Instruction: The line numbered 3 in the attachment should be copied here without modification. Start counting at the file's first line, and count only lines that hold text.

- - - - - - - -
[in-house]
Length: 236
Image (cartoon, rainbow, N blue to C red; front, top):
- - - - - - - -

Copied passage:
Image (cartoon, rainbow, N blue to C red; front, top):